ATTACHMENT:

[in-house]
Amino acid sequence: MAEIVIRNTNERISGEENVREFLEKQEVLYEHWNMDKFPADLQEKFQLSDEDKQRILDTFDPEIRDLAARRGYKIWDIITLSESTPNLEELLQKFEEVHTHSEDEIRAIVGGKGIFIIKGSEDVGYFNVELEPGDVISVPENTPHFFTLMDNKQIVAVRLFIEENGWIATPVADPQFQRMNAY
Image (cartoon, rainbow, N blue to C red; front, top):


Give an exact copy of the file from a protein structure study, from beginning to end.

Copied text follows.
[in-house]
Amino acid sequence: MAEIVIRNTNERISGEENVREFLEKQEVLYEHWNMDKFPADLQEKFQLSDEDKQRILDTFDPEIRDLAARRGYKIWDIITLSESTPNLEELLQKFEEVHTHSEDEIRAIVGGKGIFIIKGSEDVGYFNVELEPGDVISVPENTPHFFTLMDNKQIVAVRLFIEENGWIATPVADPQFQRMNAY
Image (cartoon, rainbow, N blue to C red; front, top):